I’ve learned that people will forget what you said,
People will forget what you did
But people will never forget how you made them feel – Maya Angelou
The student who is an engaged and active classroom participant is more likely to learn because the one who does the work is the one who learns (Terry Doyle, “Learner-Centered Teaching” 2011). Engaged learners apply concepts, make connections, and transfer knowledge and skills to diverse settings. Engaged learners become lifelong learners. However, students must feel safe in order to risk becoming involved in classroom processes (Cox, 2009). Inclusive classrooms are ones in which students believe that their contributions and perspectives are valued and respected. The following are ideas and strategies that may help you create an engaged and inclusive classroom.
- Making connections/building rapport
- Getting at the heart of teaching: Lisa Lee at TEDxCrestmoorParkED (YouTube video)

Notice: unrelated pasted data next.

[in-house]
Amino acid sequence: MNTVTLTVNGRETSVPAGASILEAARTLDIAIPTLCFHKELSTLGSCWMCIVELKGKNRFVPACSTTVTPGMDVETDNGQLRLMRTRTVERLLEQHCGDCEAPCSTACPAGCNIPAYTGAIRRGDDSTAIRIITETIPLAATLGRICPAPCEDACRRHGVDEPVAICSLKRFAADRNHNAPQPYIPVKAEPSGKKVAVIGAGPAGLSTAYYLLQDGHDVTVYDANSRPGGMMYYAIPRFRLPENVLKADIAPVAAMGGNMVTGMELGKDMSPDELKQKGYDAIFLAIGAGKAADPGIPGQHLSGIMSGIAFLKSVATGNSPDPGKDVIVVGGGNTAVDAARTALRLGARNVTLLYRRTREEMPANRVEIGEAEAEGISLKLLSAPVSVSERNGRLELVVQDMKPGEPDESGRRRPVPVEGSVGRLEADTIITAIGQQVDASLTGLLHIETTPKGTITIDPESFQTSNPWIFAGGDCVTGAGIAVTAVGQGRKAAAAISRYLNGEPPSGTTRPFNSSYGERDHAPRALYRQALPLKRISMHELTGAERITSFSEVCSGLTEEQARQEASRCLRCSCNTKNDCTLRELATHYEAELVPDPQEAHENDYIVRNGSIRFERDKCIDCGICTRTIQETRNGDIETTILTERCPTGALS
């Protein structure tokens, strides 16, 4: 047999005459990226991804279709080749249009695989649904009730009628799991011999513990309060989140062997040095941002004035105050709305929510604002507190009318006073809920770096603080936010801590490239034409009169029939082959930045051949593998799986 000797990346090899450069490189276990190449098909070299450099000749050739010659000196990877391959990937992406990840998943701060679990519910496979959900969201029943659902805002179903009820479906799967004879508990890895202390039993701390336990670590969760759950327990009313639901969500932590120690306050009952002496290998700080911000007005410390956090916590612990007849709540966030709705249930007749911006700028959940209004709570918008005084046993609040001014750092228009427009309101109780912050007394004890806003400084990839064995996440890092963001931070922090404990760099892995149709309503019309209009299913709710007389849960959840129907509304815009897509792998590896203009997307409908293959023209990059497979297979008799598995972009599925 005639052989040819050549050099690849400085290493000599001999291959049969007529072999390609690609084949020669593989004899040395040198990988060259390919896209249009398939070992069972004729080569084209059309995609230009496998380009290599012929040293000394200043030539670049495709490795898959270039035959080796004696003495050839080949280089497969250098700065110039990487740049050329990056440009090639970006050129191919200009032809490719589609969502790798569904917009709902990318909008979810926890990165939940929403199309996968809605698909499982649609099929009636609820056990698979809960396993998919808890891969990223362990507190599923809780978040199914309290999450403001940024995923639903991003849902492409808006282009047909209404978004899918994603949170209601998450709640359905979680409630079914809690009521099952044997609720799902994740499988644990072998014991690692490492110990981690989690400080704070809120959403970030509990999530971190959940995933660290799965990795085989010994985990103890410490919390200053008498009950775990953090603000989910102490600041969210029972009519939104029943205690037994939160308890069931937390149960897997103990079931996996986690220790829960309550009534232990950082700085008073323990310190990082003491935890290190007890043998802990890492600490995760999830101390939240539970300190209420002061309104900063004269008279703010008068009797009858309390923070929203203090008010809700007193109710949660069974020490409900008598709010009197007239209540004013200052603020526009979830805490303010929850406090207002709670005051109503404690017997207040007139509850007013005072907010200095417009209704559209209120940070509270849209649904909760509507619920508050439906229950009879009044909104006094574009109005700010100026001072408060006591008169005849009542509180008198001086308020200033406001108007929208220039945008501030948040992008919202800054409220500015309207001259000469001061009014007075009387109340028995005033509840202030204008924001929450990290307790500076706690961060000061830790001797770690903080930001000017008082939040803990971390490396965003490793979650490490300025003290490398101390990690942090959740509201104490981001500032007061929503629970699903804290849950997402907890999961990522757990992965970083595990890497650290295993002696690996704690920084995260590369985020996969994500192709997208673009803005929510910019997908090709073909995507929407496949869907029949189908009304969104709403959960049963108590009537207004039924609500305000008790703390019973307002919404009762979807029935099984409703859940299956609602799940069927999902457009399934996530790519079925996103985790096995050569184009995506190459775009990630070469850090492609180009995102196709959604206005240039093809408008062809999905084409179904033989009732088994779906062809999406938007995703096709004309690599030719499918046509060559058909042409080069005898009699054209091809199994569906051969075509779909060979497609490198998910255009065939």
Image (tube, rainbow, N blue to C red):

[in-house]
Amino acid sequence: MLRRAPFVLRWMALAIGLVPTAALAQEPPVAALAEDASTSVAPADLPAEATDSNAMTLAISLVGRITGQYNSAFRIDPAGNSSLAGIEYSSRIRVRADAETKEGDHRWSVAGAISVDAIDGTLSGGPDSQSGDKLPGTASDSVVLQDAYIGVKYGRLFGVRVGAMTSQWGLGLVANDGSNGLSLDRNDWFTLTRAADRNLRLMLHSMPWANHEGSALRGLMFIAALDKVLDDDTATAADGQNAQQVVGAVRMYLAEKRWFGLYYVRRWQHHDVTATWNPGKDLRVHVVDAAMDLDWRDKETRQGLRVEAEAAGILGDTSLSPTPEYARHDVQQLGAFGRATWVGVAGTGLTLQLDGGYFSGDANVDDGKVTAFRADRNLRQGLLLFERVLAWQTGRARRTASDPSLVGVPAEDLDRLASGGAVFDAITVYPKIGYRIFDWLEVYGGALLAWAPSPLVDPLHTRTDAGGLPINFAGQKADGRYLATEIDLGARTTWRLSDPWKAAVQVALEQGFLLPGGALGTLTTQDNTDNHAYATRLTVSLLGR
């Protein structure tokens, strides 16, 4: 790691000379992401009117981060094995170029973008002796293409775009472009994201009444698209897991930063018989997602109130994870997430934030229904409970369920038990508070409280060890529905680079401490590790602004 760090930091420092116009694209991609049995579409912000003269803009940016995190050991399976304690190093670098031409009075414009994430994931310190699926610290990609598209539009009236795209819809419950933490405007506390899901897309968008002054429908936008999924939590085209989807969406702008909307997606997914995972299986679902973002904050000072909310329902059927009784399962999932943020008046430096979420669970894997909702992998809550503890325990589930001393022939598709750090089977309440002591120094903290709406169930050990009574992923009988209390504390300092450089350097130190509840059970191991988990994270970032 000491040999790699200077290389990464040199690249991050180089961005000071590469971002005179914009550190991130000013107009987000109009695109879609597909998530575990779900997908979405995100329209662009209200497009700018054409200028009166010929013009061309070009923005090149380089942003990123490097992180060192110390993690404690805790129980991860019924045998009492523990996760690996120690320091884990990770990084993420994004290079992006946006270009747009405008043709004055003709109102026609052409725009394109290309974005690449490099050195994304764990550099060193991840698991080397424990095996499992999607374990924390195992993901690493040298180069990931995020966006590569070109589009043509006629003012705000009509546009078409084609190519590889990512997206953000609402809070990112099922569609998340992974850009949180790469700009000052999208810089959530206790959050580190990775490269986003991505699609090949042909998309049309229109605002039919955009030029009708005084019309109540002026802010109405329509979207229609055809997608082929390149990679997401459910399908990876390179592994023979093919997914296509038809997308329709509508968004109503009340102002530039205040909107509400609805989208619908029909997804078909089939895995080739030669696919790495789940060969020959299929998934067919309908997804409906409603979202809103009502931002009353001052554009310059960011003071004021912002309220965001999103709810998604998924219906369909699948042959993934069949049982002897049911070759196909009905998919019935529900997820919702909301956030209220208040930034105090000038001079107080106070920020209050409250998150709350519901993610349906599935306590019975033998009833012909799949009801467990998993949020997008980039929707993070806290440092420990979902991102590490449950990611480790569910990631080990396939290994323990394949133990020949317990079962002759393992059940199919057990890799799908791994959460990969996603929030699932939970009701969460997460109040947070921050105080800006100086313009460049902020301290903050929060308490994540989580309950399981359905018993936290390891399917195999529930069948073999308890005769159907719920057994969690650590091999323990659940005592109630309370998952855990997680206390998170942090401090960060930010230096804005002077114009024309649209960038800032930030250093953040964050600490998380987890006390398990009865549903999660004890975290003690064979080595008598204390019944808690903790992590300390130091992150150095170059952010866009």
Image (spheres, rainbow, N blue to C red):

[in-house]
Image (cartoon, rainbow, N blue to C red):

- Empathy vs. Sympathy and why it is important (YouTube video)
- Using ice breakers to increase a sense of community
- Establishing ground rules and expectations
- Creating an engaging classroom climate
Bain, K. (2004). What the best college teachers do. Cambridge, MA: Harvard University Press.
Cox, R. (2009). The college fear factor; How students and professors misunderstand each other. Cambridge, MA: Harvard University Press.
Doyle, T. (2011). Learner-centered teaching; Putting the research on Learning into Practice.VA: Stylus.